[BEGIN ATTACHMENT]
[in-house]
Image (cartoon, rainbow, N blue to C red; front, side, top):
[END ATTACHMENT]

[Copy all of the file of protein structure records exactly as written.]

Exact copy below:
[in-house]
Image (cartoon, rainbow, N blue to C red; front, side, top):